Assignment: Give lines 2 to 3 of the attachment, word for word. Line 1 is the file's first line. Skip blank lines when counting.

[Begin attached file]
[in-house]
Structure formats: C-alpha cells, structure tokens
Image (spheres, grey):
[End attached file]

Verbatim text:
Structure formats: C-alpha cells, structure tokens
Image (spheres, grey):